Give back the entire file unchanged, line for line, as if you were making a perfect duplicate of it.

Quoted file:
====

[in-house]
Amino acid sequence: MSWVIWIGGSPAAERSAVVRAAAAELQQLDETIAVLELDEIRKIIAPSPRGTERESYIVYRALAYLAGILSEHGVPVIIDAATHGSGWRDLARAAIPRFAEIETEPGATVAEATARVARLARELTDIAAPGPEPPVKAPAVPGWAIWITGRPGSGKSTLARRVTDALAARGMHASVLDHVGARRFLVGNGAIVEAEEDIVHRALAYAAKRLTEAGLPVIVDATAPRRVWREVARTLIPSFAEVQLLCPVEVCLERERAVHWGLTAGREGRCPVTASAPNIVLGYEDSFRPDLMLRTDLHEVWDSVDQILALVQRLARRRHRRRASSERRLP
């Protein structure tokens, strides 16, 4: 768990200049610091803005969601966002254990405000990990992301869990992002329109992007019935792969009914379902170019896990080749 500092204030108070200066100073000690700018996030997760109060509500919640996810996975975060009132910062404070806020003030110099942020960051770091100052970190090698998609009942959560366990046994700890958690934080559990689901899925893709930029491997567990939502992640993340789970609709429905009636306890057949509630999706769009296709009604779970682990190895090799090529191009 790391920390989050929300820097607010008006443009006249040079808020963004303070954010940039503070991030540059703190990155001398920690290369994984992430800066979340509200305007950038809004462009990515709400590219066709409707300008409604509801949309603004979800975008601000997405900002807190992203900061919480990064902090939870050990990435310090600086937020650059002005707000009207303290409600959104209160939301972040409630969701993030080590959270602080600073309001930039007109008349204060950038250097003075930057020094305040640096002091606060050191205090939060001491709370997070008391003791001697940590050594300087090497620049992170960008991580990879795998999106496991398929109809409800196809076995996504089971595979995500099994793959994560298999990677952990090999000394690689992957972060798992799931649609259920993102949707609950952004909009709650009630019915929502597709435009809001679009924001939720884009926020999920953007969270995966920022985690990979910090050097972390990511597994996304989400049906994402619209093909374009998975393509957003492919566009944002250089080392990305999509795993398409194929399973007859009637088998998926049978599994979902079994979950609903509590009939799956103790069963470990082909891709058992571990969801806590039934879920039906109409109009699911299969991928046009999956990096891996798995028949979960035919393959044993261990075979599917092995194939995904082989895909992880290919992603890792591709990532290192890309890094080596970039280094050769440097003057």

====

[in-house]
Amino acid sequence: MSWVIWIGGSPAAERSAVVRAAAAELQQLDETIAVLELDEIRKIIAPSPRGTERESYIVYRALAYLAGILSEHGVPVIIDAATHGSGWRDLARAAIPRFAEIETEPGATVAEATARVARLARELTDIAAPGPEPPVKAPAVPGWAIWITGRPGSGKSTLARRVTDALAARGMHASVLDHVGARRFLVGNGAIVEAEEDIVHRALAYAAKRLTEAGLPVIVDATAPRRVWREVARTLIPSFAEVQLLCPVEVCLERERAVHWGLTAGREGRCPVTASAPNIVLGYEDSFRPDLMLRTDLHEVWDSVDQILALVQRLARRRHRRRASSERRLP
């Protein structure tokens, strides 16, 4: 768990200049610091803005969601966002254990405000990990992301869990992002329109992007019935792969009914379902170019896990080749 500092204030108070200066100073000690700018996030997760109060509500919640996810996975975060009132910062404070806020003030110099942020960051770091100052970190090698998609009942959560366990046994700890958690934080559990689901899925893709930029491997567990939502992640993340789970609709429905009636306890057949509630999706769009296709009604779970682990190895090799090529191009 790391920390989050929300820097607010008006443009006249040079808020963004303070954010940039503070991030540059703190990155001398920690290369994984992430800066979340509200305007950038809004462009990515709400590219066709409707300008409604509801949309603004979800975008601000997405900002807190992203900061919480990064902090939870050990990435310090600086937020650059002005707000009207303290409600959104209160939301972040409630969701993030080590959270602080600073309001930039007109008349204060950038250097003075930057020094305040640096002091606060050191205090939060001491709370997070008391003791001697940590050594300087090497620049992170960008991580990879795998999106496991398929109809409800196809076995996504089971595979995500099994793959994560298999990677952990090999000394690689992957972060798992799931649609259920993102949707609950952004909009709650009630019915929502597709435009809001679009924001939720884009926020999920953007969270995966920022985690990979910090050097972390990511597994996304989400049906994402619209093909374009998975393509957003492919566009944002250089080392990305999509795993398409194929399973007859009637088998998926049978599994979902079994979950609903509590009939799956103790069963470990082909891709058992571990969801806590039934879920039906109409109009699911299969991928046009999956990096891996798995028949979960035919393959044993261990075979599917092995194939995904082989895909992880290919992603890792591709990532290192890309890094080596970039280094050769440097003057």